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Network management and Urban Vehicle Access Regulations

Route licensing has been introduced as a key form of network management in all of the TRANSITIONS cities to some extent or another, although the level of enforcement IPT has been a significant factor in the performance of this type or regulation. Ongoing application of route licensing is seen as a fundamental tool for working with IPT operators, ensuring that those that comply with this form of network management benefit from the intended improvements (i.e. reduced competition and congestion around terminals). In terms of additional forms transport network management, cities across the world are increasingly introducing different forms of Urban Vehicle Access Regulations (UVARs), which are enforced based on location, time of day, type of vehicle/service or size of vehicle wanting to enter a certain area. Also, in Sub-Saharan Africa we have seen introduction of restrictions that seek to create a shift to larger vehicles, or create exclusive areas or corridors of operation for formal Public Transport.

Overview of types of actions

Access restrictions for informal public transport vehicles typically come in the form of: 

Specific informal transport route assignment - The issuing of route and/or operating licences can be used as a way to plan and control the informal public transport network. In practice, however, we see that route licensing is often not used as a network planning tool. Rather city authorities use them to control demand and supply on established routes. 

PT and informal transport integration (e.g. informal transport as ‘feeder’ service) - The route (or area) licensing can be extended to manage trunk-feeder arrangements in which informal transport services feed to, and distribute from, interchanges with formal trunk services. This requires some level of physical integration at a station or rank facility. This has been tried in several cities with various levels of success.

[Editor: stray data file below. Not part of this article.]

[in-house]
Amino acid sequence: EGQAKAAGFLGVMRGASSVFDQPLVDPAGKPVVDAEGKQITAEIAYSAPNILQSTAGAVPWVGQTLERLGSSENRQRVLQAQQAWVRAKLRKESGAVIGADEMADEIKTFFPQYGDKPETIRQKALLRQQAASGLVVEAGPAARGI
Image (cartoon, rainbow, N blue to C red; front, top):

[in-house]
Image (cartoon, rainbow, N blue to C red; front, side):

IPT vehicle size restrictions (i.e. larger vehicles with more passengers) - Access restrictions that dictate vehicle sizes allowed in certain parts of the city may help to improve the efficiency of IPT operations and reduce bottle-necks in key locations.  This has been tried in several cities, most specifically in Dar es Salaam, where only 25- to 34-seater daladala are permitted within parts of the city at the expense of the smaller 15 passenger daladala vehicles that used to dominate the roads of the city.  

City centre access bans - A very specific type of access restriction involves cordoning off a particular part of the city, such as the central business district, for certain types of vehicles. This may, for example, involve restricting access to the city centre for freights vehicles over a certain size, and/or preventing access for private cars, helping to reduce congestion and provide safer environments for walking and cycling. Corridors for public transport may nevertheless be retained within these areas, helping to ensure good accessibility to the city centre using collective transport.   Such restrictions can be extended to include vehicle emission requirements, such as in many European cities, or time of day requirements, such as for freight vehicles at night.  

In contrast to the approach outlined above that prioritizes public transport, including IPT, there are instances of public authorities setting in place outright bans on IPT in central city areas. In Zimbabwe, for example, during 2020 the government issued a decree that made kombis and all other forms of public transportation illegal, except for the state-owned Zimbabwe United Passenger Company (ZUPCO) buses. IPT operators were invited to join ZUPCO, enabling them to continue their operations, but according to conditions specified by the public authority. As the TRANSITIONS Routemap seeks to promote and enhance the value of IPT services in providing collective transport, appropriate regulation of IPT services is recommended and IPT access bans are discouraged.



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